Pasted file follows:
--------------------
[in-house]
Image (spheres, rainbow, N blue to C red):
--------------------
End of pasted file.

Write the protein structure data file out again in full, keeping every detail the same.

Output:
[in-house]
Image (spheres, rainbow, N blue to C red):